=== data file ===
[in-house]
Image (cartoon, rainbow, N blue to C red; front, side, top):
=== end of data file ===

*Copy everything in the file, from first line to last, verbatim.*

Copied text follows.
[in-house]
Image (cartoon, rainbow, N blue to C red; front, side, top):